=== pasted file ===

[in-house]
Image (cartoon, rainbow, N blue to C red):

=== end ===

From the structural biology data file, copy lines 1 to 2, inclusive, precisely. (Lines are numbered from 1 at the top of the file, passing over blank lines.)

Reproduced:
[in-house]
Image (cartoon, rainbow, N blue to C red):